FILE PHOTO: Eggs are pictured in this illustration photo in Bad Honnef, Germany, August 4, 2017. REUTERS/Wolfgang Rattay/Illustration Photo
By Vittorio Maresca di Serracapriola and Alessandro Parodi
(Reuters) – Consumers across the European Union paid on average 30% more for eggs in January than a year before, Eurostat data showed on Friday, with the humble kitchen staple posting amongst the biggest price increases across all food products.
Czech food lovers had to fork out up to 85% more to add an egg to the country’s traditional Kulajda soup, while in Hungary prices increased by 80% from January 2022, the bloc’s statistics agency said.
German and Austrian egg lovers had a luckier run, with a respective annual inflation rate of 18% and 19% last year.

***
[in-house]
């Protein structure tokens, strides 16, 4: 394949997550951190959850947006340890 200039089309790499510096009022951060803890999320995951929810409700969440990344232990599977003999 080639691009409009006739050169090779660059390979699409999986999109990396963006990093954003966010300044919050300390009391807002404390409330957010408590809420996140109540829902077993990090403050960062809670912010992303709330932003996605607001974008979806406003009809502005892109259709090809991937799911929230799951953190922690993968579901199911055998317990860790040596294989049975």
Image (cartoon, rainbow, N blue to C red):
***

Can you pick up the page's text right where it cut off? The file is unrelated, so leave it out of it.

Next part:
As prices continue to rise, overall inflation across the 27-member bloc reached the highest level ever measured in 2022 at 9.2%, up from 2.9% a year before, a separate Eurostat report showed on Thursday.
Food and non-alcoholic beverages were among the hardest hit products, with an average hike of 11.9%.
Other major economies were also affected by rising costs last year, with inflation levels reaching 8.7% in the United States, 2.5% in Japan and 2.0% China, Eurostat said.